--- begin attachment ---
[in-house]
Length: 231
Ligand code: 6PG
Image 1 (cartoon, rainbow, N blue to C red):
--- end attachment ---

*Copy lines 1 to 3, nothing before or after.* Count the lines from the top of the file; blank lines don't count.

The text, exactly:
[in-house]
Length: 231
Ligand code: 6PG